First, here's what a Spanish snap buttonhole looks like (click on the photos for eye-popping close-up detail).
This technique came to mind for the project of re-lining my Auckie Sanft jacket. One of this jacket's fantastic features is that it's lined to the front edge. But... that meant that its buttonholes were originally sewn through both the fabulous Linton tweed, and the lining fabric behind it. Removing the lining meant literally cutting the lining fabric out of the buttonhole stitches. I needed a way to make buttonholes that would lie behind the original ones and look good from the inside. The latter requirement meant that sewn buttonholes were instantly rejected. (Sew buttonholes in one layer of lining fabric? No thank you!)
Then I remembered reading that Chanel jackets sometimes had bound buttonholes made in the lining to back sewn buttonholes in the outer jacket. And I dimly remembered the Carr technique.
Ms. Carr wrote: "Frequently used by the designers, this buttonhole has very thin lips that can hardly be seen. I like to call them 'invisible' bound buttonholes. The advantage of a Spanish snap buttonhole is that it can be made very small - as one might use on a silk blouse. On the other hand, Spanish snap buttonholes are equally effective used on a tweed or nubby fabric with the lips made from wool flannel or worsted."
Sew around the marked football, pivoting at the pointy ends, using teeny-tiny stitches (1mm on my machine). Here's a close up of the stitched patch. You can see I've trimmed my patch to an oval shape. Ms. Carr suggests starting with this shape but it really doesn't matter.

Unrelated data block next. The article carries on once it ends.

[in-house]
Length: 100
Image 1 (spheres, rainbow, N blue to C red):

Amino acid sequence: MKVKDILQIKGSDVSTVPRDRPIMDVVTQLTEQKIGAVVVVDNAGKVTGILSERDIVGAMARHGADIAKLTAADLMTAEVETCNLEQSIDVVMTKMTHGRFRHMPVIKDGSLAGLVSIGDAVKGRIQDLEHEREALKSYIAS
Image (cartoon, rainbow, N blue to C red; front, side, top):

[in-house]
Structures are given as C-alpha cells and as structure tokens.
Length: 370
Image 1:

Snip carefully along the marked centre line to (but not through) the stitches at the pointy tip. Then pull your patch through to the wrong side.
Next comes the magic, ineptly illustrated here because I was holding my camera with one hand. To quote Ms. Carr: "Holding each end of the egg shaped patch with the thumb and forefinger, pull in a snapping motion. One good 'snap' and the bias will wrap around the 1/8" (.3cm) seam allowances and automatically create tiny narrow lips."
This is the right side, even before pressing!
Magic, I tell ya!
No additional sewing is required - Ms. Carr says you can use a tiny bit of fusible web at each end to keep the patch in place. (I will however tack the patches to my jacket to keep the buttonholes in place.)
In other news, I had approximately 50 minutes while in Toronto to shop, and I wanted to do two things: visit Perfect Leather at 555 King Street West; and look for waterproof (or water-resistant) fabric for the fur coat.
Guess which one prevailed? (This photo from Perfect Leather's website.) All I can say is WOW! I think you can find any kind of leather; any colour; any finish; any size; any combination. Needless to say there is a very intoxicating and leathery perfume in the place. I bought 4 sq.ft. of orange goat leather for a little project...